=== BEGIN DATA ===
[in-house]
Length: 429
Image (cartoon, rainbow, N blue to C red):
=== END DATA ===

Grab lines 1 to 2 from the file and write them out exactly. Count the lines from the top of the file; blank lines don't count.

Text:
[in-house]
Length: 429